Augmented Reality – Is seeing believing?

Is Augmented Reality advertised incorrectly? Are consumers being promised something undeliverable?


What’s the issue?

Wait a minute. You can’t really do that can you?!

I came onboard at CGEye a couple of months ago to look after the company’s social media accounts. Part of that involved familiarising myself with the world of Augmented Reality, since our RiseAR brand is a very important part of what we do.

In the past few weeks something has come to my attention which appears to be a potentially big issue for Augmented Reality. The issue isn’t obvious, in fact it’s very subtle. Nevertheless, some people might potentially be getting into a situation where they expect something they can’t get. The issue in question Is false or misleading advertising, or at least I’d like to call it that. Now picture this: You see an advert for an AR app for the very first time on the TV or on a Social media channel. In the advert there’s a 3rd person view of a man holding up his phone and looking around with a shocked/ecstatic expression on his face while all these colourful and eccentric holographic images pop out of his phone screen and dance around.

Now to a lot of people this will go unnoticed, but the big point here is those images don’t physically come out of your phone screen. If you know AR well enough, you know that these images are what you would see through your phone screen, appearing as part of the real world. This will be obvious to many, but for those unfamiliar with AR we need to manage expectations. As far as I know there’s currently no way to make imagery pop-up from a screen in 3D when viewed with the naked eye.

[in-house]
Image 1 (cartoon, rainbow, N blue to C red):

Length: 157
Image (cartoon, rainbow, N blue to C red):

Why this is a problem

The problem is quite clear: In its attempt to generate more interest in the technology, some factions of the AR industry have, shall we say, stretched the truth a little. But a bigger problem is that this isn’t something I’ve seen once or twice. In fact, a fair percentage of Augmented Reality advertisements & videos across social platforms seem to follow the same concept.

Too much of it is staged to look better than it really is. AR is difficult to communicate to a mass audience (after all mobile AR is designed to be a solitary user experience for now) and it’s understandable that AR creators will want to embellish things to wow potential consumers, but it’s important not to mislead. As someone who has only just discovered the world of AR (a newcomer to CGEye and RiseAR) I was once fooled by this also. Consumers are still confused about AR, as this blog explains nicely.

The AR market is growing immensely and some high-profile companies are getting involved. If trust in the products on offer is to be gained, then we need to be honest with the people we’re trying to gain trust from, i.e. consumers.

To sum it all up, as a newcomer to all of this, I am concerned that customers in the AR space risk being led up the garden path.  There are some amazing AR products out there making a real difference, but perhaps a rethink is needed as to how we tell these stories. People need to see its greatness and not be left disappointed because after all, the future of AR may depend on it.